Albert Bartelds is a (Rouveen) Zwolle resident
'Zwolle has always had a good breeding ground for musicians'
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Albert Bartelds and Hendrik Jan Bökkers kick off the Zwolle Hanseatic Year 2023 April 4. They will then bring the popular podcast series The Lower Saxons to theater Odeon. That the show sold out in no time fits the revival of the regional language, Bartelds thinks. He is a regional language specialist at the Overijsselacademie, musician for Harvest and others, photographer, festival organizer and Zwolle native. "A Rouveen Zwollenaar though...," he nuances the last word of the enumeration.
"I was born in Rouveen. Our village was more focused on Meppel than Zwolle. Zwolle was really the big city for me. I ended up there because I went to study at the Vrijgemaakte Sociale Academie at the Veemarkt. At a certain point you want to live in Zwolle. Also because I was always busy with music and had the feeling that the city was teeming with musicians. That turned out to be the case. Even then you had a very lively music culture in Zwolle. The city has always had a good breeding ground for musicians.
Feeling at home
I myself played with Erwin Nyhoff in the Prodigal Sons in the 1990s. I combined bass guitar with management. Despite the music and the friendships, it took quite a long time before I really felt at home in Zwolle. I still remained a boy from the countryside. Until about fifteen years ago when I showed some colleagues from Kampen around. Then we walked through the old center together and I suddenly had the feeling that Zwolle is my city. That has only grown stronger. Maybe also because I am very 'village-like' with my friends and family. They don't ring the doorbell, but come in through the back door. That's how it used to be in Rouveen.
The inner city
I find Zwolle perhaps at its most beautiful on Sunday mornings. Then I often walk from our home on the Oosterlaan to the inner city. In the silence and with the rising sun, Zwolle is really beautiful. Guests always think so too. Recently we walked with friends from England to the city. Then you go under the Sassenpoort and walk along the old facades of the Sassenstraat. 'Wow,' I heard them say. They also thought the city looked so well-groomed. And of course it is.
I'm excited about the changes in Zwolle. In the past, I felt they demolished old buildings a little too easily. Now you see that you can also get a development going with that. For example, I think the new building on the old grounds of De Weezenlanden hospital is very successful. Very nice is also the large culinary offer. We have booked a table for next January at De Librije. I'm already looking forward to that. I think Jonnie and Thérèse have started a development: the good restaurants in Zwolle are flying like mushrooms. I think that's fantastic. I don't smoke or drink anymore, but I love good food. Also because to me food means being together.
The cultural world has become very professionalized in the last fifteen years. Artists and musicians are more businesslike than they used to be. That has many advantages, but I also love the old band feeling and the squat atmosphere. You can still find those raw edges in Zwolle, too. For example, at the Kattegat Festival. That's an event where artists, musicians, entrepreneurs and residents of that neighborhood join forces culturally. I like to come there. I then feel again the atmosphere in which I myself discovered all kinds of cultures in Zwolle.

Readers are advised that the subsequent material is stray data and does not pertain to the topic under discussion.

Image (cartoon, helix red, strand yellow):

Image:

The language of Zwolle
Zwolle is a city where people from all over the Netherlands and of all nationalities come to live. I personally like that, but the downside is that you hear the Zwolle language less and less. Unlike the villages in the area. There it seems as if Low Saxon, the old language of this side of the Netherlands, is on the rise again. I also notice this when, as a regional language specialist, I give lessons in Low Saxon at secondary schools. Then many students raise their hands when I ask who speaks or understands 'plat'.
The Lower Saxons
Regional language is also trendy culturally. Many musicians and theater makers are discovering how beautiful the language of their region is. The old Zwols also has beautiful sounds. The growing interest can also be seen in the success of the podcast series De Nedersaksen which we make in cooperation with Hedon. Twenty thousand people listen per episode. Also many young people, we notice by the reactions. And very special: the premiere of our theater production is in Zwolle. And it sold out very quickly."
The top 3 of Albert Bartelds
- "In De Enk on the Assendorperplein you can eat affordable and delicious food nowadays. That really is a golden opportunity. Many people from the neighborhood and the rest of Zwolle regularly drop in."
- "Zwolle has a very varied selection of good restaurants. Favorites include Bai Yok and the Belly of Paris. My wife has family living in France. That's another reason we take heart in the "belly.
- "On Sunday mornings, I like to walk to Filmtheater Fraterhuis. Enjoy watching a movie in beautiful surroundings. And afterwards make lunch at home. That's part of my weekend feeling."